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Upcoming Changes to Subchapter 13 Bankruptcy Debt Limits Are a Call to Action for Debtors

June 17, 2024

The landscape of bankruptcy law is about to shift in a way that could significantly impact
consumers struggling with debt. Unless Congress acts in time, the debt limits for Subchapter 13
bankruptcies will revert to the lower limits that were in effect in March 2020 (subject to
adjustment for inflation).

Currently, the debt limits are set at $2,750,000 for secured and unsecured debts combined.
However, beginning June 21, 2024, these limits will be reduced, unless Congress acts. The
Chapter 13 threshold of $2,750,000 for both secured and unsecured debt will revert to a two-
part test that limits eligibility to a maximum of $465,275 for unsecured debt and $1,395,625 for
secured debt. That means that many consumers eligible for Chapter 13 debt relief under
today's guidelines may no longer be eligible under the lower debt limits that will come into
effect on June 21, 2024.

If you are considering bankruptcy as a viable solution for your financial woes, we urge you to
contact us immediately to determine what actions you should take to protect your financial

Why the Upcoming Changes Matter to Consumers

According to the U.S. Bankruptcy Code: “Subchapter 13 bankruptcy, also known as a wage
earner's plan, allows individuals with regular income to create a plan to repay all or part of their
debts. Under this subchapter, debtors propose a repayment plan that spans three to five years.
One of the critical eligibility criteria for filing under Subchapter 13 is that the debtor's secured
and unsecured debts must fall within specified limit.”

Some of the most significant consumer impacts of the reduced debt limits include:
Reduced Access to Debt Relief: The primary concern with lowering the debt limits is that fewer
consumers will qualify for Subchapter 13 bankruptcy. This form of bankruptcy is often preferred
because debtors keep their property and repay debts over time without facing the immediate
liquidation of assets that can occur in Chapter 7 bankruptcy. They can also avoid being forced
into a Chapter 11 reorganization that is often beyond a consumer’s means and might not be
confirmable unless the debtor is eligible for Chapter 11 Subchapter V

Increased Financial Stress: For many, Subchapter 13 offers a manageable way to handle
overwhelming debt while maintaining some financial stability. Lowering the debt limits may
push more people toward Chapter 7 bankruptcy, where they risk losing significant assets.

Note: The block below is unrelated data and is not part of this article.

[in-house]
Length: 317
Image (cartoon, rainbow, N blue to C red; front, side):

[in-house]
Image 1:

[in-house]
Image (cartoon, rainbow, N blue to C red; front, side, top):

Limited Options for Debt Restructuring: Subchapter 13 is particularly beneficial for those with
substantial secured debts, like mortgages and car loans, because it allows them to catch up on
past-due payments over time. The new limits may force consumers into less favorable
bankruptcy options or leave them struggling with unmanageable debt without access to any
form of bankruptcy relief.

What You Should Do About It

Act Quickly: If you are considering bankruptcy, acting before the new debt limits come into
effect is crucial. Filing under the current limits will ensure you can take advantage of the more
lenient thresholds and potentially save significant assets and financial stability.

Consult a Bankruptcy Lawyer: Navigating the complexities of bankruptcy law can be daunting.
At BransonLaw, our experienced team can provide invaluable guidance tailored to your specific
financial situation. We can help you understand your options, determine the best type of
bankruptcy to file, and ensure that you meet all necessary deadlines.

Evaluate Your Debt Situation: Take a thorough inventory of your secured and unsecured debts.
This can help you make informed decisions about the best path forward.

Prepare Necessary Documentation: Gather all relevant financial documents, including income
statements, debt records, and asset valuations. Having this information readily available will
expedite the bankruptcy filing process and help us build a strong case.

BransonLaw Can Help

The impending reduction in Subchapter 13 bankruptcy debt limits represents a change that
could adversely affect many consumers. At BransonLaw, we can assess your financial situation
and help you decide whether bankruptcy makes sense for you and, if so, whether your business
qualifies for filing under Subchapter 13.

Call us today if you are considering bankruptcy. Don't miss this critical debt limit deadline. Our
team of experienced bankruptcy attorneys is here to guide you through the bankruptcy process
and help you get back on your feet. By taking proactive steps now, you can protect your
financial future and ensure that you have access to the debt relief you need. Don't wait until it's
too late—start the process today to secure a more stable financial situation tomorrow.

We are located in Orlando, Florida, and handle bankruptcy cases throughout the State. If you
live, own property, or operate a business in Florida and cannot manage your debt, call us
today. Our goal is to help you understand your options.